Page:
Living in jesus should make us respond bkt? Tony the Tiger: It’s not just goof its GREAT! Our actions andattitudes should be attractive to outsiders, never repulsive, Jbsus himself attracted crowds like sw imming pools attract kids. While their motives were often questionable, there was no question they enjoyed his presence.
Whether you like it or not, we w ho have made Jesus our personal forgive! and leader represent Him here and now. We should be the most joyous, peaceful, loving, caring people around. People outside of Christianity should look at us w ith nterest and appreciation.
T he first church mentioned in the Bible (Acts 2:47) had this reputation in the community. We should demonstrate the most normal life of all, not the most bizarre or worse yet, boring life.
lf people want to reject the “good new s,” it should be because they don’t want to turn from self-centered living to God-centered living and not because we live a life that suggests aberrant behavior. Our lives should be direct representations of Jesus so that like him, we cause people to want w hat we have.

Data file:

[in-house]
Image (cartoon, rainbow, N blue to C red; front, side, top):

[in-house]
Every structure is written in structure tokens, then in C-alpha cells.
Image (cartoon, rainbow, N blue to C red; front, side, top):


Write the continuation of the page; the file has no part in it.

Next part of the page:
People have an insatiable hunger for great new s — especially from credible sources.
(Tim Judkins leads the contemporary worship service each Sunday at hirst Protestant ( hunvh.)
Bridge to the Nations Bible Institute opens Sept. 11 on W. San Antonio St.
Vacant no more, the glass-fronted building where Treetops Restaurant used to be is now' abuzz w ith life as the faculty at Bridge to the Nations Bible Institute prepare for registration and orientation on Sept. 11.
The institute has already received 22 applications, according to LaMoine Davis, business administrator at the Institute. “We eventually plan on having 200, but right now our goal for the fall is between 25 and 50,” Davis said.